The deceptive nature of meetings

Today in the United States we celebrate a national holiday. Labor Day, always on the first Monday in September, celebrates the labor movement here. Its intent is to commemorate the rise and influence of organized labor which has been successful in firmly establishing the 40 hour work week, fair pay for overtime, safety in the workplace, and other gains for working people.

Labor Day elevates the role played by the men and women who do the work, who get things done. Indeed getting things done should be the focus of us all. But therein lies a trap.

Leaders are talkers. Their powers of influence and inspiration ride on their ability to turn a phrase. The focus can then become on words when it should be on work.

The most frustrating encounters of my coaching and consulting experience has been with agencies and boards whose work, and I use that term loosely here, revolved around meetings. Here’s why.

1. Meetings can give the illusion of progress… when nothing more has been done but talk. As important as can be discussion and the suggestion of new ideas, unless and until words turn to work, the end result will be worse than ever because of the deceiving nature of words.

2. Meetings tend to spawn more meetings. One agency I worked for had a planning meeting (it was a tourism office of a regional government). When the meeting ended all participants retreated to their respective offices to write reports about the just-held meeting, then they scheduled another meeting to discuss the reports they wrote about the first meeting. After several meetings, several plans had been scheduled for implementation but it took too many meetings and too many of them were to discuss or rehash other meetings.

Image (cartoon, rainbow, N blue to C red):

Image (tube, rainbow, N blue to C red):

3. Meetings cost more than you think. Take the total annual wages including benefits and perks paid to each person who participates in a meeting (Unless you are the big boss you probably don’t know the exact amount but a good guess will do for the purposes of this exercise). Then divide that annual total by the total number of hours that each person works. This will yield an hourly rate paid for each person. Then multiply the hours spent preparing for a meeting, participating in the meeting, writing reports, summaries, or emails about the meeting, and any non-implemental follow-up for that meeting times the rate paid for the participant. Do that for each and every person in the meeting and add up the amounts. How much does that meeting cost? A lot more than you think. Talk, as you will see, is not cheap.Now, since you as leader are production focused, just ask yourself if there might be a cheaper way to get the business done.

4. Meetings tend to focus on authority while minimizing responsibility. They are the place for power to demonstrate itself. Where people sit, what they say, how they react and to what they react all tend to evolve into maneuvers for position and advantage. As a leader, be certain that the total focus is on action, on people taking responsibility for decisions and reporting on the success or failure of their actions. Never, ever allow people to bluster and bully. Make certain the focus is on responsibility even though the nature of meetings is the opposite.

Let me conclude with the sage advice of one of the most memorable leaders in history, King Solomon. He wrote that “In all labor there is profit, But mere talk leads only to poverty.” (Proverbs 14:23)

Don’t fall into the talking trap. Labor day as a holiday may point attention to the labor movement. For us, every work day is a labor day because our focus is on getting things done.

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